About 20 properties in Bantry were partially flooded at 6am this morning in the opening hours of Storm Barra.
Although high tide wasn’t until 6.40am the force of the storm resulted in the lowest part of the town around New Street being flooded by several inches of water.
However, fire brigade station officer, Ian Vickery, said it could have been significantly worse if it had not been for the remedial flood relief works carried out by Cork County Council and the efforts of six manned pumps at various locations throughout the town.
‘We held the surge,’ said Ian, ‘but it is like bailing out a boat, it’s all down to whether or not you can bail faster than the water coming in.’
Although everyone was at their stations at 6am, Ian said, ‘mother nature was stronger than all of us.’
He said the Council’s decision to place several giant sandbags along the quay wall, opposite the garda station, has been ‘an absolutely fantastic addition’ to the town’s flood defence measures.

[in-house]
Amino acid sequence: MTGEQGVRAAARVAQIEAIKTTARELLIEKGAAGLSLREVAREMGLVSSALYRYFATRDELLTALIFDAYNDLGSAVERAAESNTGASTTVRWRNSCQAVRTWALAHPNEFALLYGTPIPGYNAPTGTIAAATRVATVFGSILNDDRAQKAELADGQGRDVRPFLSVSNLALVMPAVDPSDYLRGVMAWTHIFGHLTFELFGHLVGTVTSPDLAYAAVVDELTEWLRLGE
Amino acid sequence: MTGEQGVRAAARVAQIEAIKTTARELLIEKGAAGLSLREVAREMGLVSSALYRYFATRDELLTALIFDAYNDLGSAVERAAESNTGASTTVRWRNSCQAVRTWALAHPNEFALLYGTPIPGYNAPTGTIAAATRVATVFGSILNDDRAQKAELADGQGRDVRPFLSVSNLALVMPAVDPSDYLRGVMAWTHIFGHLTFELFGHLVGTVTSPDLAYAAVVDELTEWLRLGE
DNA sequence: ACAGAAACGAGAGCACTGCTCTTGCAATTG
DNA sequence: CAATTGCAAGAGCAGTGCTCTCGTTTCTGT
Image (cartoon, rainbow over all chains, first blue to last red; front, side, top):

‘The force of the storm gusts meant the water could only come up the drains,’ he said. ‘If the sandbags weren’t in place there would have been significant flooding in town.’
Not only have the use of these sandbags become absolutely crucial, Ian said, two Council crews were working pumps they had purchased specially for the job, while one of the four fire brigade crews began pumping outside of the old cinema, two were deployed to pump lower New Street outside Twomey’s Butcher’s, while another pumped the area in front of The Gift Shop.
Although an estimated 20 properties were affected, Ian described the mood in town as ‘resilient’ as there was no major damage, such as the infrastructural devastation that was caused by previous flood events.
But the fire brigade, council workers and residents of Bantry are still braced for what Storm Barra might bring.
‘We haven’t had the worst of it yet,’ said Ian. ‘Midday will be the height of the storm for us.
There is also a high tide, and more storm surges predicted for 7pm this evening.’
The lack of rain has been of benefit too because the crews can focus on dealing with tidal waters instead of having to contend with surface water flooding as well.